At the National Policy forum, held in Washington, D.C., Mike Eckhart, president of ACORE, asked, “Will clean energy win? If so, how and when?”

Despite, or possibly because of, a reorder of power in the House and Senate, many said that while clean energy faces challenges, it will and already is winning. The consensus was that if America cares to solve its problems of unemployment, energy dependence and yes, for a silent majority, climate change risk, we can expect much more momentum around clean energy policy and deployment over the next two years.

And while we didn’t walk away with an instantly memorable message like “Yes, we can!” or “Drill, baby, drill!” we did capture some themes that folks on the left, right and center can all agree on.

First, clean energy is the future. It’s the future of our economic growth, sustainable energy infrastructure and sustainable ecosystems.

Second, we are entering a new era of a sustainable industrial revolution. New jobs and economic opportunities stem from new technologies that move from R&D to deployment to scale.

Third, we are in an era of unprecedented innovation. “Energy has historically been the most innovation-resistant part of our economy,” according to Gary Locke, Secretary of Commerce. With the advent and incredible growth of a number of clean energy technologies, this notion is turned on its head.

And finally, there is no silver bullet. We are entering an era of a rich, diverse creative energy future with many different ways to produce electrons. When it comes to energy, one size does not fit all for any particular state or community. (Editor's note: this is the fifth in a series of articles from various authors calling for greater unity among renewable interests in dealing with Washington. You people should all get together. If you don't, we will sponsor a Texas Death Cage match among you to pick a leader.)

Know your audience

In Eckhart’s editorial in the Washington Post, “Standing Up for Clean Energy,” he talks about the clean energy glass as half empty but getting fuller while older sources of energy have a glass half full but getting emptier. Denny McGinn, a retired U.S. Navy Admiral, referenced a report put together by the military advisory board, which concludes that America’s energy posture constitutes a serious vulnerability that is exploitable by enemies. He went on to say we have been wasting time by not taking a more aggressive approach and that the potential for grievous harm grows each day.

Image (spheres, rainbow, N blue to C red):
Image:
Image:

Denis Hayes, president of Buillitt Foundation and coordinator of the first Earth Day in 1970, came at the clean energy topic from a climate-change point of view. While climate science carries uncertainties and baggage, there were a couple of facts he said we could be sure of. Two hard facts are the concentration of CO2 in the atmosphere, which just passed 393 parts per million, and the upper limit of 450 that scientists say will lead to perilous consequences if nothing is changed. He recognized that when faced with such bad news, people tend to move into denial, and the climate argument needs an element of “Yes, we can” (turn things around), but it will take nothing short of heroic actions as a species.   

Representative Roscoe Bartlett, representing the sixth District of Maryland, summed it up best by suggesting that three disparate groups lock elbows and march hand-in-hand towards a clean energy future. These three groups have a wide diversity of beliefs and arguments for clean energy but the key point, which can be lost on the left and the right, is that clean energy solves each group’s chief concern regardless of the premise. The three groups are the energy independence camp, the peak oil camp, and the climate change camp.

While the energy patriots largely have an allergic reaction to the idea of climate change, energy independence is imperative to removing a major vulnerability that can be exploited by those who don’t like us. For those concerned that the U.S. has passed peak oil production and soon the world will do the same, clean energy is critical to maintaining and even improving our quality of life. For those whose chief concern is climate change, clean energy, again, is the path forward.

The magic in bringing all these groups together is in the message. The first lesson in communication is to know your audience and this applies critically to the topic of clean energy. Proponents of clean energy would do themselves a service by understanding the dispositions of those they seek to influence.

The message from this week’s ACORE event is clear: a fresh dialogue is needed on clean energy, one that brings everyone who cares about energy security, quality of life and climate under the tent of a clean energy future.


Kimberly Kupiecki is a senior vice president at A&R Edelman.